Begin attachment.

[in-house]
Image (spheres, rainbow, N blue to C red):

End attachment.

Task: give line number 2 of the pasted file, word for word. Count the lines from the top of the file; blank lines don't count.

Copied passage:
Image (spheres, rainbow, N blue to C red):